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According to the Centers for Disease Control and Prevention, each year, around 5% to 20% residents in the US get a flu shot. More than half of these 200,000 Americans are 65 years old or above and get hospitalized due to the flu. Moreover, 90% of the deaths that occur in these people are due to complications brought on by the flu.
Why Does This Happen?
As people get older, they stop taking vaccines, which weakens their immune system and leaves them vulnerable to all kinds of diseases. In older people, the immunity from certain diseases wears off as time passes. In adults, these illnesses cause a minor setback but in older adults, it can become life-threatening.
A simple cough or cold might be something that an adult experience when they are passing by an unhygienic site but for older adults, those suffering from chronic disease, their condition can worsen.
The problem with symptoms of flu is that they appear suddenly. Older adults must seek medical attention immediately and get antiviral medicine, which helps reduce the symptoms within two days.
Here are a few symptoms of influenza:

  • Cough (usually dry)
  • Fatigue
  • Sore throat
  • Chills
  • Sudden high fever
  • Runny nose
  • Nasal congestion
  • Joint pain, muscle aches and headache
  • Other symptoms include diarrhea, vomiting or nausea (rare)

Flu Risk Factors
Having the following diseases place older adults at a higher risk of becoming seriously ill due to the flu:

    • Chronic kidney disease
    • Heart disease
    • Morbid obesity
    • Chronic lung diseases like bronchiectasis, asthma, COPD, or cystic fibrosis
    • Liver disorders
    • Severe anemia
    • Chronic metabolic disorder
    • Diseases (HIV, AIDS)
    • ong-term exposure to aspirin therapy, chemotherapy or steroids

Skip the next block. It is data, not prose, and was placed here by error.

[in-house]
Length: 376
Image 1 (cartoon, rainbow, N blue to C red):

Protection against Influenza
The antigen present in the vaccine triggers the body to produce antibodies, which helps protect the immune system and wards off any contagious influenza symptoms.
CDC recommends that all older adults must get a vaccination every year. According to CDC, the “flu season”, when most of the flu activity happens, occurs in the months of October and November.
For seniors, there are 2 flu vaccine options: for people aged 65 or older, they can either get the regular dose or the high-dose. The high-dose has 4 times more the antigen, which is more effective. According to the New England Journal of Medicine, the efficacy of the higher dose was tested, which showed results that this dose is 24% more effective for older adults.
Since it contains more antigen, older adults might experience a few side effects such as swelling, pain and redness at the site of injection including muscle ache, headache and general discomfort.
For older adults, those suffering from any kind of lung diseases like asthma or chronic obstructive pulmonary disease (COPD), the risks are a double whammy. They have to be in tune with their body to notice the slightest of changes. Something as small a cough can cause serious complications and land them in a hospital for days.